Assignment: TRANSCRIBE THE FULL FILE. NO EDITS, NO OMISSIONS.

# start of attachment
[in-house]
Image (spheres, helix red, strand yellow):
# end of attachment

[in-house]
Image (spheres, helix red, strand yellow):